sales call

Streamlining the Sales Process

Vince is a dynamic and sought-after seminar speaker and author with a unique perspective on business development and management subjects, primarily in the decorated- and promotional-apparel industries. With 20+ years of experience in sales, marketing and training, he is an independent consultant to various decoration businesses looking to profit and sharpen their competitive edge. Visit his website or send an email to Vince@ypbt.com.

Some businesses have purchased and implemented contact-management or customer relationship management (CRM) software programs to get a handle on the “state of sales” in real time. But the most common push-back from the sales force has been the amount of time required to enter and update information into the program. It needn’t be that hard. If streamlining the sales process and driving new sales activity is on the top of your wish list, you may want to consider these useful tips:

  • Implement and enforce a new policy stating that every sales call or contact must include setting the next appointment. A sales professional is only as good as their next scheduled conversation with a prospect or customer with repeat or add-on potential. If a sales organization were to commit to this simple practice company-wide, it could expect to see the average sales cycle from the first contact with a prospect to a signed purchase order shrink by at least 25 percent.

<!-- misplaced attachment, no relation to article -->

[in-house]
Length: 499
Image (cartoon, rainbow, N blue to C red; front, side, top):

• Insist on every sales call having a written pre-call plan and call objective. Too many salespeople think experience is a substitute for pre-call planning. Some don’t appreciate the power and importance of pre-call planning, let alone what goes into such a plan. If your salesperson takes as little as 15 minutes to set an objective for the call and a list of questions to ask, you’d be amazed how smoothly sales calls would go and earn the right to close sooner. Asking questions in a sales call does two things: 
  1. Confirms what the salesperson suspects he/she knows
  2. Uncovers vital information he/she needs to know but doesn’t
  • Consider arming your sales team and management with a new business-activity driver. When I first started in sales, I was required to fill in and submit a call report that documented with whom I met, what we discussed, and how long our meeting lasted. It sounds like Big Brother was watching over my shoulder, doesn’t it? I thought that too, until my district sales manager showed me how to complete the form in less than 30 seconds per call and, more importantly, how to analyze my activities for any given quarter. With that information, I was able to accurately predict my future success, concentrate on areas where I needed improvement, and run my sales territory like it was my own business.